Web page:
Wednesday, August 05, 2009

Flax in Canadian History

"We can no longer, with justice to ourselves, remain dependent on a foreign nation for articles, which home skill and capital can manufacture equally well. The growing wants of our home population must be met by the produce of our own soil and the skill of our own artisans...

...Considering our present mercantile position, it becomes the duty of every man who has a piece of ground suitable, to sow some flax. He would, by so doing, not only adopt the best crop to bring remuneration to himself, but also give encouragement to those who by a large investment in capital are endeavoring to create home manufacture." -- The Canadian Farmer, Vol III, No. 14 (1866).

Written at the time of the American Civil War, when cotton was scarce and cotton prices were high. "The irony was that flax grew well in parts of Ontario and the fibre could be turned into cloth, thread and twine, but there was no market for it. In 1859 all the flax that was scutched was exported to the United States." Farmers consistently lost money when growing flax for export. Once mills were developed in Canada for processing the flax fiber into cloth, production of flax increased, manufacture of linen increased and farmers continued to lose money on the crop. (Mavis Atton, "Flax Culture from flower to fabric", (Ginger Press: 1988) p. 16-18.)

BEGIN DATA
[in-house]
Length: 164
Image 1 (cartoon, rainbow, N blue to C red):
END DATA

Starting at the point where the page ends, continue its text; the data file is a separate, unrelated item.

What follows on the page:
Today flax is grown as an oil seed crop -- mostly on the prairies. And the straw -- rich as it is in linen fiber -- has become a problem. It doesn't decompose easily into soil humus. It damages equipment when it is left in the field or turned under. It must either be burned in the field or utilized as a fiber. Again flax researchers and farmers are meeting to discuss ways to increase the value of the crop, while dealing with the fiber. Yet the majority of the worlds linen cloth is being manufactured in China.

It is our hope, that the discussion will be meaningful and that the farmer will gain, while linen cloth -- a very special fabric -- will once again be available for clothing and home textiles.

Come to the 2nd Annual Linen Festival at Joybilee Farm, this Saturday, and join in the discussion.

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